I was so busy with work for the last two weeks that I was in China, I did not have time to blog much. All the meetings went very well (much better than my trans-Pacific flight with much too much turbulence).

In Hong Kong, I visited with our Vermont Law student interning at WWF-HK. She is getting a lot of great work and I confirmed that the internship can exist annually for a Vermont Law student within the NGO’s climate programme team. While in HK we also began to build relationships with the US Consulate, Hong Kong America Center and Chinese University of Hong Kong where a Vermont Law grad is their environmental law professor. We’re exploring more internships for our students and whether our HK ties can provide a link to our environmental governance work in Mainland China.

In Guangzhou I met with our partners at Sun Yat-sen University who are doing exciting work to develop a prototype carbon trading system in Guangdong, in addition to meeting the environmental officers at the US Consulate in GZ.

In Beijing we experienced very heavy air pollution. While there I had a meeting at the new US Embassy with many government agencies, focusing on the work of USAid and its China programs. My colleague and I gave a presentation on the work of our U.S.-China Partnership for Environmental Law. While in Beijing we also met with officials from the Chinese Ministry on Environmental Protection, looking for ways to collaborate. We also met with partners from the Chinese University of Politics a nd Law. They have been asked to provide the Chinese government with guidance on developing China’s climate legislation, and Vermont Law School hopes to create team of faculty experts to further this cause.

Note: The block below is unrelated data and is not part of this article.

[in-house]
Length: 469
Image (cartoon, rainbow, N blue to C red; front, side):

On Wednesday in Beijing I signed my first international agreement! In a formal ceremony, I signed a student exchange agreement between Vermont Law School and Renmin University of China School of Law….more details forthcoming.

Finally, what was amazing about the trip is how many Chinese students and scholars that were in residency at Vermont Law School are now in high level judicial and environmental administration positions in China. Given that the US and China are the largest carbon, energy, and auto markets in the world, I’m thrilled to see Vermont Law School train the environmental policymakers in both countries which will lead to long term cooperation and mutual benefits for both counties.

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